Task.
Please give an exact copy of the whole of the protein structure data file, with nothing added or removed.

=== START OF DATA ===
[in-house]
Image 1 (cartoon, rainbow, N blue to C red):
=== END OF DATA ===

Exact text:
[in-house]
Image 1 (cartoon, rainbow, N blue to C red):